Characteristics and Uses of Flumazenil
Flumazenil is a drug used for the treatment of benzodiazepine intoxication. Actually, it’s the only one available for this purpose and available in 5 and 10 ml vials. The concentration of their active ingredient is 0.1 mg/ml.
Intoxication by benzodiazepines
These drugs were introduced into the market as early as the 1960s. Since then, their use has increased considerably due to their anxiolytic, hypnotic, and sedative actions.
In parallel to their increasing use, there are many reports of intoxications due to their misuse. However, their clinical picture varies depending on the type of benzodiazepine administered.
When intoxication happens and depending on the absorbed dose, this medication triggers a decrease in the level of consciousness that produces a series of symptoms, such as:
- Coma (a shallow, hypnotic, and hyporeflexia coma, with a tendency to miosis)
- Respiratory depression
How does flumazenil exert its effect on the organism?
This drug owes its effectiveness in the treatment of intoxications with benzodiazepines to its capacity to block the receptors of these drugs at a central level. Specifically, it acts through a competitive inhibitory mechanism at the level of the brain receptors of benzodiazepines.
Furthermore, this drug is a GABA antagonist as it binds to the GABA receptor complex at the specific binding site of benzodiazepines. This is where flumazenil competes with the benzodiazepines — to bind to the receptor.
The effects of the antidote are usually dissipated before those of the toxic drug because the binding is competitive. Also, because flumazenil has a much shorter duration than most benzodiazepines.
The effect depends on the administered dose — the higher the dose, the greater the effect. In this respect, the higher the dose of benzodiazepines administered, the more severe the toxic picture and the higher the dose of flumazenil needed to reverse it.
Notwithstanding, this drug doesn’t reverse the effects of barbiturate drugs, opiates, or tricyclic antidepressants.
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The effect of flumazenil in the body
Pharmacokinetics covers the processes of absorption, distribution, metabolism, and elimination of the administration of a drug. In this respect, flumazenil is a hospital drug and its mode of administration is intravenous. This is because it undergoes a strong first-pass metabolism by the oral route.
Then, it reaches the brain rapidly and begins its action after approximately 1 to 2 minutes after the intravenous administration. In addition, 50% of it binds to plasma proteins for distribution.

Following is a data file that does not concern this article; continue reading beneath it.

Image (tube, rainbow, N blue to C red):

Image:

This is when it metabolizes in the liver. Consequently, patients with liver disorders should modify the dose of flumazenil. Mainly because most of it goes out with the urine after metabolization — although a small part goes out with fecal waste.
Like all drugs on the market, flumazenil isn’t exempt from producing a series of side effects.
In this respect, agitation was the most frequently reported side effect in the studies conducted with this drug. In such cases, doctors had to suspend treatment.
Also, please take into account that its use in people undergoing chronic treatment with benzodiazepines may lead to an abrupt withdrawal syndrome that involves convulsions. This is typical of flumazenil though.
In addition, the use of this drug isn’t recommended in patients under 18 years of age, pregnant women (unless the mother’s life is in danger), patients with coronary artery disease, and with a known allergy to benzodiazepines, or people addicted to this substance.
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Flumazenil is the only antidote available for benzodiazepine poisoning. It competes with benzodiazepines to bind to receptors in the central nervous system, block them, and thus reverse the effects of benzodiazepines.
Its use is only in a hospital setting and its mode of administration intravenous. Finally, we recommend always following medical indications and never skipping the administration guidelines if you’re undergoing benzodiazepine treatment. This is because it could put your health at risk.
All cited sources were thoroughly reviewed by our team to ensure their quality, reliability, currency, and validity. The bibliography of this article was considered reliable and of academic or scientific accuracy.
- Krisanda, T. J. (1993). Flumazenil. Topics in Emergency Medicine. https://doi.org/10.5005/jp/books/11286_16
- Sivilotti, M. L. A. (2016). Flumazenil, naloxone and the “coma cocktail.” British Journal of Clinical Pharmacology. https://doi.org/10.1111/bcp.12731
- Seger, D. L. (2004). Flumazenil – Treatment or toxin. Journal of Toxicology – Clinical Toxicology. https://doi.org/10.1081/CLT-120030946